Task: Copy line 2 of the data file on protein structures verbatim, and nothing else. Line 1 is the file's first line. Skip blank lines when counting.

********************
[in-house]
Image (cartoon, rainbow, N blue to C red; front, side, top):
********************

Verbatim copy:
Image (cartoon, rainbow, N blue to C red; front, side, top):